It is still another object of the invention to provide a tri-mode seeker including RF, IR and laser sensors wherein each of the three sensors commonly and simultaneously use the same available surface area of the system collecting aperture.

It is a further object of the invention to provide a multi-mode seeker having co-located focal positions for laser and RF signals while traveling the same signal path through the elements of the same optical assembly.

It is still yet another object of the invention to provide a tri-mode seeker providing extraction and diversion of optical signals from a joint or common RF optical signal path while causing substantially no disturbance to the RF signal as it propagates in the signal path.

It is still yet another object of the invention to provide a tri-mode co-boresighted seeker that permits all three signal modes to utilize the full primary mirror aperture while providing two beam splitting actions so that all three signals are collected in different locations with minimal interference with or impact on each other.

These and other objects are achieved by a tri-mode co-boresighted seeker including a collecting aperture comprising a primary mirror having a parabolic surface and a forwardly located dielectric secondary mirror including a dielectric mirror coating which reflects infrared (IR) energy to an IR detector assembly while providing substantially unobstructed propagation of millimeter wave RF energy and laser energy in a joint or common signal path therethrough to means for extracting and diverting laser energy from the common RF-optical path while causing little or no disturbance to the RF signal as it propagates to a bifurcated waveguide assembly which couples the RF energy to a detector located behind the primary mirror. The means for extracting the laser energy consists of a set of four orthogonally located light pipes or prisms which have reflecting surfaces for directing laser energy outwardly to laser detectors located to the side of the RF-optical path. Such a configuration permits the three sensors, i.e., the RF, IR and laser sensors to commonly use the same useable portion of the collecting aperture of the primary mirror simultaneously.

Further scope of applicability of the present invention will become apparent from a detailed description provided hererinafter. It should be understood, however, that the detailed description and specific examples, while disclosing the preferred embodiments of the invention, it is provided by way of illustration only, since various changes and modifications coming within the spirit and scope of the invention will become apparent to those skilled in the art from this detailed description.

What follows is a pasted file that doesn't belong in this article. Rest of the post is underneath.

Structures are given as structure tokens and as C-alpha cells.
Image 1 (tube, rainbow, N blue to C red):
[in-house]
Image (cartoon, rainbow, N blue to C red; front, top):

BRIEF DESCRIPTION OF THE DRAWINGS

The present invention will become more fully understood when considered in conjunction with the accompanying drawings which are provided by way of illustration only, and thus are not meant to be considered in a limiting sense, and wherein:

FIG. 1 is a partially cut-away isometric view of a first embodiment of the subject invention;

FIG. 2 is a longitudinal central cross section of the embodiment of the invention shown in FIG. 1;

FIGS. 3, 4 and 5 are diagrams illustrative of RF and semi-active laser (SAL) energy propagation in the embodiment shown in FIG. 1;

FIG. 6 is a perspective view of an orthogonal arrangement of light pipes for extracting and diverting the laser energy from a common RF-optical energy path in the embodiment shown in FIGS. 1 and 2;

FIG. 7 is a side view illustrative of the arrangement of the elements shown in FIG. 6 as well as the secondary lens shown in FIG. 2 as well as an intermediate diffraction lens;

FIG. 8 is an exploded view of the components of the light pipe arrangement shown in FIG. 6;

FIG. 9 is a diagram illustrative of the RF and laser energy propagation in the elements shown in FIGS. 6-8;

FIG. 10 is a partially cutaway isometric view of a second embodiment of the subject invention;

FIG. 11 is a longitudinal central cross-sectional view of the embodiment shown in FIG. 10;

FIGS. 12 and 13 are perspective views of the elements used in the embodiment shown in FIGS. 10 and 11 for separating and diverting the RF and laser energy propagating in a common RF-optical path following passage through the secondary mirror;

FIG. 14 is an isometric view of an assembly of four beam-splitting prisms for extracting and diverting the laser energy from the common signal path shown in FIG. 13; and

FIG. 15 is a diagram illustrative of the common RF and laser energy propagation path in the elements shown in FIGS. 12-14.